Creating new National Parks will not just accommodate the growing demand. Still, it will safeguard the nation’s precious natural heritage for future generations. As outdoor recreational activities increase in popularity, the question isn’t whether America needs another National Park but when and where it will establish the next one.

Which region of the USA has the least access to National Parks

The Southeastern US, densely populated with fewer federal lands, is relatively underserved by National Parks compared to the West.

How Many National Parks Are There Now and in Which States?

You might be surprised to learn that despite an extensive network, the distribution of US National Parks is unique across the country. There are 63 official National Parks managed by the National Park Service, spanning from sea to shining sea. These parks celebrate America’s diverse geologic history and offer ample hiking, camping, and other outdoor recreation opportunities. While states like California and Alaska are rich in National Parks, others have fewer or none within their borders, which may affect your camping and hiking plans.

States with the Least Access to National Parks

When considering your options for a romantic camping trip or a quiet hike, you should know that some states need more National Park access. Notably, regions in the Northeastern United States, including highly populous states such as New JerseyPennsylvania, and New York, have the least access to National Parks. The push for establishing new parks, like the proposed Delaware Water Gap National Park, seeks to address this disparity and provide residents with closer connections to these treasured natural spaces.

States with the Most Access to National Parks

On the other end of the spectrum, some states boast the most access to National Parks – perfect for couples camping or anyone seeking romantic hikes surrounded by nature’s splendor. California leads with nine National Parks featuring landscapes from the towering redwoods to the serene deserts. Alaska follows closely, immersing you in some of the US National Parks system’s most remote and breathtaking wilderness areas. This wealth of access caters to lovers of outdoor adventures. It is crucial in preserving the natural beauty and biodiversity these parks were designed to protect.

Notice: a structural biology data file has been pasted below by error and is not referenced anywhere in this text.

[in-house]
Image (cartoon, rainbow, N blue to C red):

Requirements to become the Next National Park

The United States’ landscapes are studded with protected areas of majestic beauty and historic significance. Still, creating a National Park is more intricate than you might expect. To guide this process, the National Park Service (NPS) has developed specific criteria that ensure only the most exemplary sites join the ranks of US National Parks.

Criteria that NPS Considers for a New National Park

The National Park Service holds potential sites to high standards. Historic or scenic significance is at the forefront of these requirements. The lands must tell a unique story of the nation’s geologic history or capture the natural splendor that sets them apart from other spaces. Additionally, environmental and cultural preservation is vital. Prospective National Parks must promise to safeguard biodiversity and cultural treasures for generations.